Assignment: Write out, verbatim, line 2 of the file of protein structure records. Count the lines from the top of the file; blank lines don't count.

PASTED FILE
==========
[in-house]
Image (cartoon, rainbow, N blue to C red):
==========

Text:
Image (cartoon, rainbow, N blue to C red):